Send to Friend  Bookmark  Print

Opposition to Mission to Bring Non-Jewish Spouses into Fold

Reprinted with permission of The [Boston] Jewish Advocate. Visit

Interfaith families in Boston this week criticized two major branches of Judaism that announced campaigns to convert non-Jewish spouses, calling the move a mistake.

In the last month, both the United Synagogues of Conservative Judaism and the Union of Reform Judaism stated that each is making a concerted effort to reach out to interfaith couples. One Conservative leader said he wants to "aggressively encourage conversions of potential Jews who have chosen Jewish spouses."

"It's all very short-sighted," said Pam Hallagan of Needham, a Reform Jewish woman whose husband is a non-Jew. "If raising a Jewish family in a Jewish community is contingent on a non-Jewish spouse converting, you are going to limit the number of children you are going to be able to bring into the Jewish faith. This is all going to backfire."

At the USCJ's Biennial Conference in Boston last week, hundreds were on hand to witness the abrupt change in the Conservative Movement's policy on converting the non-Jewish spouses of inter-religious families. We must begin conversions said Rabbi Jerome Epstein, head of the movement. "And if conversion is initially rejected, we must continue to place it on the agenda."

At the URJ Biennial Conference in Houston from Nov. 16-20, head of the Reform movement Rabbi Eric Yoffie told attendees that by making non-Jews feel comfortable and accepted in Reform congregations, "we have sent the message that we don't care if they convert." Yoffie was unavailable for further comment.

"Conversion is a wonderful thing, but it's a mistake for the Jewish community to approach interfaith families with conversion aggressively," said Edmund Case, president and publisher of Newton-based "The first thing that should be done is to welcome people and thank non-Jewish spouses for raising their children as Jews, and then bring in the conversion factor." is an online resource supported by Combined Jewish Philanthropies that encourages interfaith families to explore Jewish life and make Jewish choices. "This is a mistake. More people will be turned away than will come in the first place," said Case, whose wife is a convert to Judaism. "The smart thing to do is to be welcoming and grateful and then sensitively invite conversion."

However, argued Epstein: "I think that there are people who are not ready at one particular moment to think about changing religions, but I think we have to help people find the right time. Too often, we in the Jewish community give up, and we've lost opportunities to reach them as a result. There will be some people that will not accept this, but based on the receptivity by our congregations and members it's about time we went on this route."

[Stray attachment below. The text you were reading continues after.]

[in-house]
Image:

Epstein did say that doing so in a forceful manner is not the best way to go about converting the non-Jewish spouses of interfaith families. "There is a good, positive way to do this, ways that will help people really move in a positive direction. Our challenge is really to do this in a sensitive and meaningful way and hopefully influence people, work with them to show what we have to offer."

"It sounds like the Orthodox attitude is filtering into [the] Conservative [movement]," said Louise Choate, a mother of three from Malden whose husband is not Jewish. "It would turn me off if someone kept coming after me to tell me that my husband had to convert. I can understand where they're coming from, but if we're raising our children Jewish and we're involved with a temple, I don't see the problem."

Cathy Kahn, director of outreach and synagogue community at URJ, added: "Offering someone to convert is like offering a marriage proposal, and we all hope the answer is yes. But we understand that this may not be the case and we respect that. If conversion doesn't happen, we still want to make the non-Jewish spouse comfortable in a synagogue atmosphere."

At the convention, Rabbi Yoffie added: "While maintaining some measure of attachment to their own traditions, and sometimes continuing to practice their religion, they take on responsibilities that, by any reasonable calculation, belong to the Jewish spouse. And very often they do all of this without recognition from either their Jewish family or their synagogue."

Reform synagogues are often called "temple." "The Temple" refers to either the First Temple, built by King Solomon in 957 BCE in Jerusalem, or the Second Temple, which replaced the First Temple and stood on the Temple Mount in Jerusalem from 516 BCE to 70 CE. Hebrew for "my master," the term refers to a spiritual leader and teacher of Torah. Often, but not always, a rabbi is the leader of a synagogue congregation.
Jacob Sugerman

Jacob Sugerman is a staff writer for The Jewish Advocate, New England's oldest Jewish newspaper, a weekly publication based in Boston.

Send to Friend  Bookmark  Print